Windsor isolation centre for migrant workers in danger of shutting down
WINDSOR, ONT. -- There have been 795 people have been served by the temporary foreign workers’ isolation and recovery centre since it opened in June of last summer.
Over that time, the federal government has forked over $6.3 million — and the city has provided the hotel facility and some staff — but hasn’t seen a bill.
But now — the feds are switching ministries of responsibility from public safety to the public health agency of Canada and is requiring the city to re-apply for funding under a new program called the Safe Voluntary Isolation Site Program.
“The City of Windsor has been forced to consider if we are able to continue with this temporary foreign worker isolation and recovery centre," Mayor Drew Dilkens said in a letter to federal Health Minister Patty Hajdu on Feb. 17.
In his letter, Dilkens said the shift in responsibility from one department to another has resulted in $2 million in costs not being covered.
“The fact that we have to do this and crawl through glass to get to the other side is unconscionable for me,” Dilkens said.
At its peak in the summer, the recovery centre housed 232 recovering workers at one time. It’s a site that even today, the Ontario Greenhouse Vegetable Growers support staying open until the population of workers is vaccinated.
But when numbers at the facility declined in the fall — the city was advised by the feds to explore alternate options to the Canadian Red Cross personnel — and find a long-term solution.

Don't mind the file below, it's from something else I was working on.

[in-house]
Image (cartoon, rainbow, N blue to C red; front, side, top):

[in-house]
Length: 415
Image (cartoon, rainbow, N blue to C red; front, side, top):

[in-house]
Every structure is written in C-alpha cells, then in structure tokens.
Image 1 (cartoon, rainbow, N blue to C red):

Dilkens said additional new criteria from the public health agency would require the centre to shift its mandate and make its services available to the general public.
He noted the city already maintains a second centre for those experiencing homelessness in the region as well as people in vulnerable communities, adding new "complexities" of an additional open site would require further resources.
In a statement to CTV News, a spokesperson for the minister of health said, “Canadian Red Cross personnel are not a requirement for a Safe Voluntary Isolation Site Program application and their continued presence removes resources from our rapid response tools.”
“The government is finding a problem with its own bureaucratic mess,” said Windsor-West MP Brian Masse.
He agrees the taxpayer should not shoulder the burden of costs, and points out another consideration at stake.
“People’s lives are at risk, our economy is at risk and I don’t think we’ve learned anything,” he said.
Irek Kusmierczyk — Liberal MP for Windsor-Tecumseh — said the federal support was always intended to be short-term... and points his finger to the province.
“We’re just waiting for the province to step up and contribute funding to the IRC that really has been funding and driven by a partnership between the federal government and the city to this point. We need the province to join this team,” he said.
Dilkens remains firm that temporary foreign workers — at the centre of this jurisdictional infighting — are a federal responsibility.
“Make sure you’ve got your cheque book ready, sign over the funds that we need in order to operate the facility to protect the workers you’ve provided here,” he said.
The current funding for the isolation and recovery centre will end on March 31, should additional funding not come through, Dilkens said “it will be up to someone else to step in to figure out how to do this.”
- With files from the Canadian Press.